by Mary Caperton Morton Friday, October 13, 2017
Today, Finland’s Northern Ostrobothnia region is one of the northernmost places in Europe that can support agriculture. But how this region fared during the Little Ice Age — a period of globally cooler temperatures that lasted roughly from A.D. 1300 to 1850 — is unknown. Scientists assume the climatic cooling would have adversely affected food supplies. Now, however, the discovery of a mysterious medieval cemetery in northern Finland dating to the middle of the Little Ice Age is offering clues that the inhabitants were well fed and well suited to the northern clime.
The cemetery, located near the Northern Ostrobothnian town of Iin Hamina, was unearthed in 2009 during a pipeline construction project. To date, excavations have uncovered remains from nearly 300 people dating from the 15th and 16th centuries, making this the largest medieval site studied in Finland. Much about the ethnicities and lifestyles of these people remains a mystery, says Maria Lahtinen, an archaeologist at the University of Helsinki. “Finland has a very short written history, and this cemetery is not mentioned in historical texts or marked on historical maps. We don’t know if there was a central village or if people were widely scattered around this area.”
Additionally, little is known about the medieval history of agriculture in this region, although episodes of famine due to crop failures have occurred as recently as the mid-19th century. Iin Hamina is situated near the Gulf of Bothnia, an offshoot of the Baltic Sea, so fish were likely a major part of the inhabitants' diets. A cow bone found mixed in with the burial fill may indicate that they raised livestock, Lahtinen notes. “There was probably some form of animal husbandry, but the scale and importance are unknown. We don’t know exactly what they were eating or what they were growing.”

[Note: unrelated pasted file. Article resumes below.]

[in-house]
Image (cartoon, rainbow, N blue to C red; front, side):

Fortunately, some of the human remains — specifically teeth — are offering a few clues. In a new study, published in the journal Radiocarbon, Lahtinen analyzed hydrogen and carbon isotope compositions preserved in the teeth of 11 individuals. “Teeth record a lifetime of nutrition and can tell us a lot about both diet and lifestyle,” she says. Variations in isotope compositions in the successive layers of the teeth reflect changes in diet over annual timescales. “This can tell us about longer-term episodes of starvation or hardship that occurred anytime from early childhood into adulthood.”
Despite the extreme northern setting and the potential added chill from the Little Ice Age, the nutritional needs of the people buried in the cemetery appear to have been met throughout their lives. “Much to my surprise, we didn’t see any evidence for nutritional stress in 10 out of 11 people,” Lahtinen says. The teeth from the 10 individuals “didn’t show any of the typical starvation signals,” she says, and “it seems they were well adapted to thrive in their northern environment.” The 11th sample was an outlier, she adds: “It looks like that person had a completely different diet from the others.” Future work at Iin Hamina could involve pollen and microfossil studies to better understand what kind of crops people may have grown there, Lahtinen says.
The lack of evidence for famine may also be due to regional variability during the Little Ice Age, when different places cooled to different extents at different times, says Michael Mann, a climatologist at Penn State University who was not involved in the new study. “When it was relatively warm or relatively cold is highly regionally variable,” he says. “There is ample evidence indicating that regional climate variations did indeed impact agriculture in northern Europe, but the precise details depend on the region and period. There is no simple one-size-fits-all explanation.”
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